TP: Who are the most important saints celebrated in the Norwegian Orthodox Church?

Fr. Johannes Johansen: We do not say “The Norwegian Orthodox Church” but “The Orthodox Church in Norway” (an important difference). The most important saints for Orthodoxy in Norway are: St. Sunniva, St. Olav, St. Hallvard and St. Trifon, the apostles Peter and Paul. St. Seraphim of Sarov and St. Nicholas.

TP: What can you say about the dialogue between the Norwegian Orthodox Church and the other local and traditional orthodox churches such as the Russian, the Greek or the Serbian one?

Fr. Johannes Johansen: We try to have good and friendly relations to them. But a great difference between them and us, is that they are very nationalistic, while we welcome people of all nationalities, for us the Orthodox faith and Tradition is the only thing that matters.

TP: Which are the most important Orthodox churches and monasteries in Norway?

St Nicholas Church in Oslo. St. Georges chapel in Neiden. St. Trifon monastery in Hurdal.

TP: I also wish to find out more information about the written books concerning the Orthodoxy in Norway. So, what books should we read so that we can better discover the Orthodox Church in Norway?

Fr. Johannes Johansen: In 2003 we published a book of the history of the parish of St Nicholas (the first and oldest parish in Norway) in Oslo. Now we are ready to publish a book about the monastery of St. Trifon also.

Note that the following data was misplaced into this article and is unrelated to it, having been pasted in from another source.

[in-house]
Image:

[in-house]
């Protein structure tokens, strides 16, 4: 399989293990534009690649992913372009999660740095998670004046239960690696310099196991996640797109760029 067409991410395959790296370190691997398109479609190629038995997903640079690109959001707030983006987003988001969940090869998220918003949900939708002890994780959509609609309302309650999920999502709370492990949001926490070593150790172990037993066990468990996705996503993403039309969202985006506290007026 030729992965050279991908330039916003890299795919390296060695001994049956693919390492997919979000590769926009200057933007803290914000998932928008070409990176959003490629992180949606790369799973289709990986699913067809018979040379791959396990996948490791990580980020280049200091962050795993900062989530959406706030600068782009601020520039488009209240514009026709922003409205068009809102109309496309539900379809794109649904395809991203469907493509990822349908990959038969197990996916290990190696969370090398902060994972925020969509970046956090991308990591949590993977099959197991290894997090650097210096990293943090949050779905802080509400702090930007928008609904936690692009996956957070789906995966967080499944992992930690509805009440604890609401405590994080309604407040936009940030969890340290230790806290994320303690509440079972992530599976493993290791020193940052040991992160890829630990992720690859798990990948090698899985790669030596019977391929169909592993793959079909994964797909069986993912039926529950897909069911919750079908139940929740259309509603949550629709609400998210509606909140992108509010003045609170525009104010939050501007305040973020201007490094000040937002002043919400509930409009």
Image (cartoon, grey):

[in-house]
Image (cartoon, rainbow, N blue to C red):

TP: Which is the main role and importance of the Orthodox Church in the Norwegian society at this moment?

Fr. Johannes Johansen: We try to defend traditional Christian dogma and moral standards againt modernism and secularisation. We are active in oecumenical movement to witness about Orthodoxy.

St Olav of Norway (+1030)

Fr. Johannes Johansen’s parish website can be found here.

This interview is one of many that will be published in the book “The rediscovery of Orthodox heritage of the West” by Tudor Petcu, containing interviews with different Westerners converted to Orthodoxy. It will be published in two volumes and the first one will appear by the end of this year.


Hellige Georg ortodokse kapell  i Skoltebyen, Norge


Hellige Georg ortodokse kapell  i Skoltebyen, Norge

Commemoration of the Holy Passion-bearer King Olav II Haraldson, Enlightener of Norway (+1030) – July 29




St Olav II of Norway (+1030)


st olaf 2.jpg

st olaf.jpg


Month of July



of the Holy Passion-bearer King Olav II Haraldson,

Enlightener of Norway

Composed by Reader Isaac Lambertson



At Vespers

At Lord, I have cried, these stichera, in Tone II: Spec. Mel.: With what wreaths of praise

With what wreaths of praise shall we crown the righteous Olav, for whose sake we celebrate today: the pillar of piety, the adornment of his people, the true advocate and intercessor for all Christians, who shone forth with splendour in his martyrdom? For Christ our God, Who hath great mercy, hath truly crowned him with a diadem of glory in the highest.